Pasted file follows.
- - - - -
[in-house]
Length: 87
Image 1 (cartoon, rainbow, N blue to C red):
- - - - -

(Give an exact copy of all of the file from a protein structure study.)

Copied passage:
[in-house]
Length: 87
Image 1 (cartoon, rainbow, N blue to C red):